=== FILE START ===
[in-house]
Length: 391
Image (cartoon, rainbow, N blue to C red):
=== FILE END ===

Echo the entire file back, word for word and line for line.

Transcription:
[in-house]
Length: 391
Image (cartoon, rainbow, N blue to C red):